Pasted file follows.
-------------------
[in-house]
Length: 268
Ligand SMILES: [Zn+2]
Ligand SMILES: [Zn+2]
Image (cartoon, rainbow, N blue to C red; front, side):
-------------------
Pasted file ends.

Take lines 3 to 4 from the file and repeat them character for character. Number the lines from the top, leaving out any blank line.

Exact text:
Ligand SMILES: [Zn+2]
Ligand SMILES: [Zn+2]